Select Page

Paying Off Debt vs. Investing

As interest rates have increased and the stock market has struggled, the calculus of whether to use fresh cash to retire debt or make an investment has changed.

To view the full article please register below:

    First Name (required)

    Last Name (required)

    Your Email (required)

    Paying Off Debt vs. Investing

    Paying Off Debt vs. Investing

    As interest rates have increased and the stock market has struggled, the calculus of whether to use fresh cash to retire debt or make an investment has changed. When confronting this decision, the math is pretty straightforward—if the after-tax investment return is expected to exceed the loan’s interest rate (net of any tax deduction), then using cash to make an investment may be the more appropriate choice. Conversely, cash may be best used to retire debt when the cost of that loan exceeds the expected return on an investment.

    That sounds simple enough, but it’s important to keep some key considerations in mind.

    • Investing should not come at the expense of paying at least the minimum required loan payment in order to avoid penalties and the compounding of interest charges.
    • If the individual is still without an adequate emergency fund, then it might be for the best if free cash is used to build an emergency reserve rather than make an investment.
    • The math of “pay off vs. invest” changes if the investment is made inside a tax-advantaged account (e.g., IRA) or if an individual’s 401(k) contributions are being matched by his or her employer. For instance, if the first 3% of income is being matched by the employer, it becomes very “expensive” to forfeit that “free money” to pay off debt.
    • In situations where the choice is between retiring debt or making a tax-deductible retirement contribution to an IRA or 401(k), individuals will not only need to consider the math described in the opening paragraph, but consider the initial tax savings and the opportunity cost of forfeiting potentially decades of compounding.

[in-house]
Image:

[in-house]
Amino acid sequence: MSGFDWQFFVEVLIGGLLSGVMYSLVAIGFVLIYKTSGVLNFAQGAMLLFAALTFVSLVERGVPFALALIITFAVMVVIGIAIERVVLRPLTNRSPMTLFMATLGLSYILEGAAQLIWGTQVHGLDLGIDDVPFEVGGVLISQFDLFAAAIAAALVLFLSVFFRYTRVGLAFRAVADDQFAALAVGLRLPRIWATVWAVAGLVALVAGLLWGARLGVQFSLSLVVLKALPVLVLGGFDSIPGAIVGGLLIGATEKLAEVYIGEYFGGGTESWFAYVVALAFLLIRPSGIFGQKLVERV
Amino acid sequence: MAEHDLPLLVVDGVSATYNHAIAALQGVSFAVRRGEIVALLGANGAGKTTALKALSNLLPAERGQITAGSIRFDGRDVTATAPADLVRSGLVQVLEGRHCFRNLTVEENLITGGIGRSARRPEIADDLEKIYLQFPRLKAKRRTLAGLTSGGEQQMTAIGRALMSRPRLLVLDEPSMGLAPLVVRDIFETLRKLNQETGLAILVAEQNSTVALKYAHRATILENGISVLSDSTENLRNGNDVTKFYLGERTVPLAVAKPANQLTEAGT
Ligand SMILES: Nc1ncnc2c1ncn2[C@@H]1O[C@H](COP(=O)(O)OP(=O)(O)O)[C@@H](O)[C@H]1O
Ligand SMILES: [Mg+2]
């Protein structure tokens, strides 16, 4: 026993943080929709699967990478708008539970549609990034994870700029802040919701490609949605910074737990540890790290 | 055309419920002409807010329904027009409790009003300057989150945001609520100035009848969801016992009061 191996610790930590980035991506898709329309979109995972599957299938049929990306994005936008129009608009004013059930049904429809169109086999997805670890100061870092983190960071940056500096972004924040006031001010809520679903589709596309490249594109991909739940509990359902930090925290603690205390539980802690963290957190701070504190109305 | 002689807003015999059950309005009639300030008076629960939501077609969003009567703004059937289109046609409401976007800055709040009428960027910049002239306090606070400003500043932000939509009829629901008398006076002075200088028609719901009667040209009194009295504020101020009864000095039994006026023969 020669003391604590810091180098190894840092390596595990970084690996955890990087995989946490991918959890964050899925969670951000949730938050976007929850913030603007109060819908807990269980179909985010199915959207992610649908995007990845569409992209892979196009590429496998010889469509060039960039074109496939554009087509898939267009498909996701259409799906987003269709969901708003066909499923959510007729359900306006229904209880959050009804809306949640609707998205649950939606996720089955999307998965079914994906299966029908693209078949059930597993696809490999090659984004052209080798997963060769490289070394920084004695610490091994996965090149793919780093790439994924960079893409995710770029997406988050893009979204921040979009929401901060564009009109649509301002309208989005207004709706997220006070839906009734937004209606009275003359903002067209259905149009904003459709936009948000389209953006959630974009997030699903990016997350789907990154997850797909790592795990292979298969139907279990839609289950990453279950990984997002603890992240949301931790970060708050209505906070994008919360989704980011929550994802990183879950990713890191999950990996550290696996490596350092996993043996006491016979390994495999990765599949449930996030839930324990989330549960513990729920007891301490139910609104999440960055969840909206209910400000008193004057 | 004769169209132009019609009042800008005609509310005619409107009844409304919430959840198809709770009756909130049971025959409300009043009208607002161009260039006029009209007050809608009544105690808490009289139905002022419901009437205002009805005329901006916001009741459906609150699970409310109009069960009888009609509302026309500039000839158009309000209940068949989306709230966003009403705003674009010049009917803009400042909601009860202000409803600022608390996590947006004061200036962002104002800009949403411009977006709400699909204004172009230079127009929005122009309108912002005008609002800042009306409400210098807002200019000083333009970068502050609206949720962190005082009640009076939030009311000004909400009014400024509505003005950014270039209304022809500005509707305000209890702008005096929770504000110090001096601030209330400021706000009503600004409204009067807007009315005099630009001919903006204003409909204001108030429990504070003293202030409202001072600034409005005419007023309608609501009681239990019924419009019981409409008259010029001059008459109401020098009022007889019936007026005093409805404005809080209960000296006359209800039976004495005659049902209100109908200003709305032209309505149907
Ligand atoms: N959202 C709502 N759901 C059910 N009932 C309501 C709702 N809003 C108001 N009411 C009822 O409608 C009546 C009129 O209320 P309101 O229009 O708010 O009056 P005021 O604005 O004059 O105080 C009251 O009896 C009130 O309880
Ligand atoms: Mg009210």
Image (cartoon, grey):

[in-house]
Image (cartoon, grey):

• Paying off high interest credit cards is a no-brainer, but discipline is crucial to ensure that balances don’t rise again after pay-off.
    • Debt reduction represents a guaranteed rate of return, whereas investments not only offer no guarantees of any future return, but they may lose money.
    • Selling 401(k) investments to retire debt is nearly always ill advised. Borrowing from a 401(k) to retire debt may be appropriate in isolated situations.

    One of the major benefits to retiring debt-free is stress reduction, which can’t readily be quantified in dollar terms. So, individuals will need to decide for themselves the value of lower stress levels.

    In the end, though, this needn’t be an either/or exercise. In fact, retiring debt and investing can occur in parallel, allowing individuals to build long-term wealth while simultaneously reducing debt.

    Please reference disclosures: https://blog.americanportfolios.com/disclosures/

    About The Author

     

    Chief Investment Officer 
    631.439.4600 ext. 277 

    Subscribe

      Subscribe to receive a monthly recap of our three most popular posts.

      Recent Videos

      Loading...

      AP Awards 2021